As a leader, recognize that a single person can play a multitude of these roles in one meeting. If a contributor is normally positive and takes on a destructive role in a meeting, it’s time to step in take control. Conversely, if a person rarely contributes and seems withdrawn, you may have to inspire them to participate.
Types of conflict in meetings
Typically conflict in meetings will fall into two categories:
- Professional differences
- Power struggles
Professional differences are not always a bad thing and, in many cases, doesn’t develop into open conflict that derails a meeting. The more important the outcome, the more likely the scale of professional differences could lead to open conflict. This is because if a wrong decision is made, this can affect those involved negatively. If this type of conflict is left unresolved, it can rapidly undermine meeting objectives and destroy what might have previously been a good working relationship.
On the other hand, conflict in meetings can arise when an individual or groups dislike each other resulting in personality conflicts and power struggles. This type of conflict has more to do with personalities than it does with the issues being tabled or facts arising from a meeting.
Managing conflict in meetings
When conflict arises, or continues to occur in a meeting, it is best to focus on the issue as opposed to the person and their emotions. The key is to spot the conflict before it gets out of hand. You can do this through the observation of body language. Things to look for are:
- Rolling of the eyes
- Shaking of the head
- Fidgeting or moving around in a restless manner
- Whispering or writing notes to others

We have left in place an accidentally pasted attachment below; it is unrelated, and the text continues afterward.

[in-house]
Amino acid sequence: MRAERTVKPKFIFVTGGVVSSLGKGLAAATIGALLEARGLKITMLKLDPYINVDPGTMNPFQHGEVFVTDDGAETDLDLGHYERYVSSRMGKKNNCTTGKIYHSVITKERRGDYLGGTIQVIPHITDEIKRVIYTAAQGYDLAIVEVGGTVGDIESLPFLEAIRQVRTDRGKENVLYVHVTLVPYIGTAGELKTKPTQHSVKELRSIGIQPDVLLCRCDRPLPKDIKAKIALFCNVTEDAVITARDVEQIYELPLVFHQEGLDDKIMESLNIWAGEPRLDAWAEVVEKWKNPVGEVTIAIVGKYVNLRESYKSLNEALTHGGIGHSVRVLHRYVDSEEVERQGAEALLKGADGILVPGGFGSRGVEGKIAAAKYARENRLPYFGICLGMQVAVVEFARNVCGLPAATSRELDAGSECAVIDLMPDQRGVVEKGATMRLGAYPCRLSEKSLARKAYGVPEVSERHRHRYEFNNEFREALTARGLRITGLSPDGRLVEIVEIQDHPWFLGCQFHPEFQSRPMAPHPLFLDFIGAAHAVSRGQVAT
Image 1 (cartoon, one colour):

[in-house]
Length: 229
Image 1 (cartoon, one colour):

- Staring intently at another person
- Looking around to see if others are in agreement
Nipping potential conflict in the bud before it happens by diverting attention is far better than allowing it to brew. Here are a few tips to help you manage people in meetings.
One approach to managing conflict in a meeting is to switch the focus from conflict to research. By using open questions or probing questions, you are looking for the participants to provide evidence, rather than simply stating they disagree. They need to provide a reason for that disagreement. Evidence defeats doubt.
A collaborative approach to conflict is when you look to accommodate everyone’s point of view because you believe it’s important. When conflict arises, and you need a decision, you may have to be assertive to gain a consensus to end the conflict.
It is not always possible to get 100% agreement on everything. You may need to compromise occasionally. When you need agreement or consensus on a decision, compromise your point of view to keep things moving forward.
Competitive people like to win and will sometimes dig their toes in, even if they don’t have all the facts. You may need to make a decision, even if its unpopular, to ensure the conflict doesn’t get out of control. Remember, this can be a win-lose or lose-win decision that could cause resentment, so use this strategy carefully.